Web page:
Princeton business leaders have invited the internationally-recognized planner, Jeff Speck, to give two talks in Princeton this week. Having worked on over 75 town master plans, and authored one of the best-selling popular planning books of the last decade, Speck has the credentials to provide insight into ways that Princeton could redefine itself for the 21st century. This moment is particularly important, because last week the Princeton Planning Board made a recommendation on consultants to oversee a re-write of the Princeton community master plan (the Clark Caton Hintz firm of Trenton, NJ, who previously helped implement the town’s affordable housing settlement). But can any outsider, no matter how expert, understand what makes Princeton tick?
Jeff Speck’s 2012 bestseller “Walkable City” outlined his philosophy, based on observing what planning approaches work in many different cities. A fast-paced, provocative read, “Walkable City” makes a strong case that towns that prioritize a fantastic experience for people on foot are more likely to attract businesses, new residents, and a high quality of life. According to his “General Theory of Walkability”, there are certain key ingredients that support a thriving, walkable downtown. Sidewalks by themselves are not enough, walking has to be “useful, safe, comfortable and interesting”. Places that can get this right will harvest the benefits as visitors flock to them and property prices increase.
The question of walkability is especially hot in Princeton right now, as the town has grappled with how to redesign Witherspoon Street in the best possible way. (Princeton Council will be discussing that further at their meeting tonight). Many walkability advocates favored turning lower Witherspoon Street into a pedestrian plaza, but some business owners pushed back, arguing that street parking and car access is more important. Council is currently advancing a one-way concept, in which street parking would be slightly reduced, but vehicular access would be maintained. With chapter titles in his book like “Put Cars In Their Place”, you might guess that Jeff Speck would be strongly on the side of making a fully-pedestrian space, but his 2012 book also articulates some skepticism about pedestrian plazas, noting that they often failed in many US cities in the 1970s-1980s.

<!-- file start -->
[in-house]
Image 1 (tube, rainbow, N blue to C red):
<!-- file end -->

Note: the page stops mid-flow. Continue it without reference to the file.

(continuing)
Jeff Speck’s talk seems like it will be specifically tailored for the unique town of Princeton. Before he gives his talk, he will join local elected and business leaders on a tour of the town, to observe what is going on, and identify potential strengths and opportunities for improvement. As such, it is possible that we will get a fresh perspective, focused on the town of Princeton, but informed by Specks’ work around the country.
Jeff Speck will give a free, public talk at Nassau Inn at 6.30 pm on Tuesday, September 28. Click here for the full information, including details on sponsors. A ‘Ted Talk’ video of Jeff Speck discussing walkability is linked below.
Then Jeff will give another talk at the Princeton Chamber of Commerce ‘Business Breakfast’ on Wednesday, September 29.